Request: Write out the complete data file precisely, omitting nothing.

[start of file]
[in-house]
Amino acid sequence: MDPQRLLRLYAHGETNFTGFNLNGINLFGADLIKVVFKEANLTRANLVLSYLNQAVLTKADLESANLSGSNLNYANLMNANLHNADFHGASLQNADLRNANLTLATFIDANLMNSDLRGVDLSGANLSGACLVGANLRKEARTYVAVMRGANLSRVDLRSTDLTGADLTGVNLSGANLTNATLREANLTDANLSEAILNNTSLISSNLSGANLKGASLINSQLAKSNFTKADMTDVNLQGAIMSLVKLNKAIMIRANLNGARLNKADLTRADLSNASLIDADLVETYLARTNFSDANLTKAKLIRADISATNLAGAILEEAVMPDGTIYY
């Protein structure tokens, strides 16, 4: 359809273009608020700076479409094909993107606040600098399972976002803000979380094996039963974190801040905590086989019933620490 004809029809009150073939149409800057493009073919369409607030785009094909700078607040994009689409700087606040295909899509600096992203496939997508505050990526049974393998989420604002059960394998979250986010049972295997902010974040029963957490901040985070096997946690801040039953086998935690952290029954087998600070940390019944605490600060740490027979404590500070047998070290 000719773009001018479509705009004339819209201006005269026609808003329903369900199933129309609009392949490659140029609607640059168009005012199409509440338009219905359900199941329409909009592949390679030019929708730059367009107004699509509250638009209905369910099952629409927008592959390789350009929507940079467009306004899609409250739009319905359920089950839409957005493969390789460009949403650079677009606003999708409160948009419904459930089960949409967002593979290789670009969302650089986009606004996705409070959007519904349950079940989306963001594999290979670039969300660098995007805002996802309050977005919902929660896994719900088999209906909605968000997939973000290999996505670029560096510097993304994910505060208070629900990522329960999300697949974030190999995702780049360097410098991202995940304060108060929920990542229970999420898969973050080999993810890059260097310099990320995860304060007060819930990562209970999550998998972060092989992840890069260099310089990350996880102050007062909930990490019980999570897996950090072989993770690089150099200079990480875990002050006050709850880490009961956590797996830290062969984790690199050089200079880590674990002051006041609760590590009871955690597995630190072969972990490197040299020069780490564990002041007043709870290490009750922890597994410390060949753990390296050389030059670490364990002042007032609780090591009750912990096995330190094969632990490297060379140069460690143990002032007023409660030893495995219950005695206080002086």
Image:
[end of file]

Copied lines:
[in-house]
Amino acid sequence: MDPQRLLRLYAHGETNFTGFNLNGINLFGADLIKVVFKEANLTRANLVLSYLNQAVLTKADLESANLSGSNLNYANLMNANLHNADFHGASLQNADLRNANLTLATFIDANLMNSDLRGVDLSGANLSGACLVGANLRKEARTYVAVMRGANLSRVDLRSTDLTGADLTGVNLSGANLTNATLREANLTDANLSEAILNNTSLISSNLSGANLKGASLINSQLAKSNFTKADMTDVNLQGAIMSLVKLNKAIMIRANLNGARLNKADLTRADLSNASLIDADLVETYLARTNFSDANLTKAKLIRADISATNLAGAILEEAVMPDGTIYY
């Protein structure tokens, strides 16, 4: 359809273009608020700076479409094909993107606040600098399972976002803000979380094996039963974190801040905590086989019933620490 004809029809009150073939149409800057493009073919369409607030785009094909700078607040994009689409700087606040295909899509600096992203496939997508505050990526049974393998989420604002059960394998979250986010049972295997902010974040029963957490901040985070096997946690801040039953086998935690952290029954087998600070940390019944605490600060740490027979404590500070047998070290 000719773009001018479509705009004339819209201006005269026609808003329903369900199933129309609009392949490659140029609607640059168009005012199409509440338009219905359900199941329409909009592949390679030019929708730059367009107004699509509250638009209905369910099952629409927008592959390789350009929507940079467009306004899609409250739009319905359920089950839409957005493969390789460009949403650079677009606003999708409160948009419904459930089960949409967002593979290789670009969302650089986009606004996705409070959007519904349950079940989306963001594999290979670039969300660098995007805002996802309050977005919902929660896994719900088999209906909605968000997939973000290999996505670029560096510097993304994910505060208070629900990522329960999300697949974030190999995702780049360097410098991202995940304060108060929920990542229970999420898969973050080999993810890059260097310099990320995860304060007060819930990562209970999550998998972060092989992840890069260099310089990350996880102050007062909930990490019980999570897996950090072989993770690089150099200079990480875990002050006050709850880490009961956590797996830290062969984790690199050089200079880590674990002051006041609760590590009871955690597995630190072969972990490197040299020069780490564990002041007043709870290490009750922890597994410390060949753990390296050389030059670490364990002042007032609780090591009750912990096995330190094969632990490297060379140069460690143990002032007023409660030893495995219950005695206080002086």
Image: